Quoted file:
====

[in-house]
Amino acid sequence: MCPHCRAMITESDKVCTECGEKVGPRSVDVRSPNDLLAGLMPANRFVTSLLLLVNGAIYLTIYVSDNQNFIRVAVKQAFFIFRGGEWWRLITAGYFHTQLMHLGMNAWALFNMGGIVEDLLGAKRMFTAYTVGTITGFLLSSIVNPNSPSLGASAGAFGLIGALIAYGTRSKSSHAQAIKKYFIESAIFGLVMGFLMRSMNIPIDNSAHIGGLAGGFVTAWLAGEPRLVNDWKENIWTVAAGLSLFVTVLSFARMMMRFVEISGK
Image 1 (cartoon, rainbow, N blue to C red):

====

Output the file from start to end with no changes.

[in-house]
Amino acid sequence: MCPHCRAMITESDKVCTECGEKVGPRSVDVRSPNDLLAGLMPANRFVTSLLLLVNGAIYLTIYVSDNQNFIRVAVKQAFFIFRGGEWWRLITAGYFHTQLMHLGMNAWALFNMGGIVEDLLGAKRMFTAYTVGTITGFLLSSIVNPNSPSLGASAGAFGLIGALIAYGTRSKSSHAQAIKKYFIESAIFGLVMGFLMRSMNIPIDNSAHIGGLAGGFVTAWLAGEPRLVNDWKENIWTVAAGLSLFVTVLSFARMMMRFVEISGK
Image 1 (cartoon, rainbow, N blue to C red):